50,000 is a lot of money that can grow to even larger proportions if properly understood how to trade different currencies. Our team was given this money in attempt to grow the funds through trading various currencies that we believe were appreciating and depreciating. Our main source to perform this was articles from Bloomberg. We were looking for current information that could help us make the most optimal trade. We struggled at first understanding the data that was the main contributor to our -274.99 loss. However, our last two trades equated to 287.35. The overall return was -.55%, but with the last two only our return jumped to .57%. Our improvement reflects our dedication as a team and our better understanding of the material. Both the returns and data for trades are in our Appendix. The following paper will address the currencies used, factors that affect the currency exchange rates, our decision explanations, regression analysis, and what we learned from the project.
The main currencies we used for the report are currencies from Australia (AUD), New Zealand (NZD), Euro (EUR), Japan (JPY), and the U.S. (USD). Australia and New Zealand’s economy have a strong correlation in that a lot of New Zealand’s exports go to Australia. Per the BusinessDay article attached, Australia’s economy is having a slower than expected recovery from the recent global recession and it is therefore negatively affecting New Zealand’s exports. When an economy is struggling, it may be pressured to devalue their currency in order to encourage more exports to have money come into the country rather than out. The Euro is positioned to rival the USD according to our class textbook and notes. However, the Greece crisis and amongst other countries such as Spain’s fiscal problems make the currency volatile. The USD, being a dominant reserve currency, is also subject to much risk. The coming fiscal cliff presents a major challenge for the country and could affect the exchange rate. Japan has been a steady economy ever since World War II but is still not excused form volatility. A recent stimulus package in the article attached is expected to make the Yen decline. We also reflect later on in the paper about the strong export potential of Japan.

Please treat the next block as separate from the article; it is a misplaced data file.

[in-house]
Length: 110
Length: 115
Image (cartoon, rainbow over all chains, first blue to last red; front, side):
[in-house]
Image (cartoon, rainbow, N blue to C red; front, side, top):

If a country’s interest rates are high, that country’s currency will generally strengthen the country’s currency. From the OANDA article attached, a central bank may be pressured to lower interest rates if a country is underperforming. This will make it cheaper to borrow and thus lower a country’s currency. However, a strong currency will encourage more foreign direct investment given higher interest rates will lead to higher returns for investors. This is especially true if the interest rate parity does not hold and there is a chance for arbitrage. From the same article, employment outlook also affects a country’s exchange rates. When an economy is struggling and many people are without jobs, than consumer spending declines. There reduce demand for that country’s currency and therefore it will devalue. Imports and exports are also indicators of a country’s currency. When a country is importing more that is an indicator that its currency is weak. The opposite holds in that if a country is exporting more its currency is weak. Unlike the classic gold system where it works out itself, governments may need to intervene to balance imports and exports.
Our first trades were AUD/USD and NZD/USD. We found an article on Bloomberg attached at the end that stated the AUD and NZD were currently trading at three week high and we thought it wouldn’t change right away. We also read in the article that there was speculation that stimulus would debase the U.S. currency, which is why we traded the AUD and NZD against the USD. A week later, we suffered a 224.9 loss. We were focused too much on the short term thinking we could make a quick gain from the recent surge in AUD and NZD. However, we weren’t looking...
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